Perpetual National Elections Make the Top 1% Richer
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Their Bread, Our Circus
In ancient Rome, the emperors provided the capital’s inhabitants with “bread and circuses.” Ever since, that combination has been shorthand for rulers buying off the ruled with the necessities of life and spectacle.
In Rome, that spectacle involved gladiatorial and other elaborate games of death that took place in the Colosseum. In this age, our rulers, the 1% whose money has flooded the electoral cycle, are turning the election itself into our extended circus. This year, a series of Republican televised “debates” have glued increasing numbers of eyeballs to screens -- and not just Republican eyeballs, either. Everyone waits for the latest version of a reality show to produce the next cat fight, fabulous gaffe, late-night laugh line, confession, denial, scandal, or plot twist, the next thumbs up or, far better, thumbs down on some candidate’s increasingly brief political life in the arena.
Think of it as their bread and our circus. Who can doubt that, like the crowds of Rome once upon a time, we await the inevitable thumbs-down vote and the YouTube videos that precede and follow it with a kind of continuing bloodlust? The only problem: however strange all this may be, it’s not, at least in the old-fashioned sense, an election nor does it seem to have much to do with democracy. The fact is that we have no word for what’s going on. Semi-democracy? Unrepresentative democracy? 1% democracy? Demospectacracy?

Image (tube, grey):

Of course, we still speak of this as a presidential election campaign, and it’s true that 11 months from now more than 60% of the voting age population will step into polling booths across the country and cast ballots. But let’s face it, if this is an election at all, it’s certainly one stricken with elephantiasis. Once, as now, a presidential race had primaries, conventions, campaigning, mudslinging, and sometimes even a few debates, but all of this had limits. In recent years, the limits -- almost any limits -- have been disappearing. Along the way, the process has expanded from an eight-month-long affair that most voters only began to attend to sometime in the fall of election year to a perpetual campaign, perpetually discussed, reported on, and displayed.
The primaries, for instance, have been on a forced march toward ever-earlier dates. Iowa’s -- actually a “caucus” -- is now on January 3rd of election year and the first official primary, New Hampshire’s is on January 10th. (Over the years, it’s repeatedly had to move its date forward from March to hold onto that status.) This time around, the “debates” leading up to the primaries began last May; previously meaningless party “straw polls,” covered as monumental events by hundreds of reporters, accompanied them; the first of a World War I-style barrage of attack ads was launched in the same period, and the opinion polls on various constellations of likely (or unlikely) candidates -- what Jonathan Schell once called our “serial elections” -- preceded everything, accompanied by endless media speculation about them.
It's an ever-expanding system, engorging itself on money and sucking in ever larger audiences. It’s the Blob of this era. In fact, the next campaign now kicks off in the media the day after (if not the day before) the previous election ends with speculation (polls soon to follow) handicapping the odds of future candidates, none yet announced.
The Perpetual Campaign
Once upon a time, the perpetual candidate -- former Minnesota governor Harold Stassen was the classic example -- proved a kind of running joke. No longer. Now, the president himself essentially begins his campaign for a second term almost as soon as he enters the Oval Office.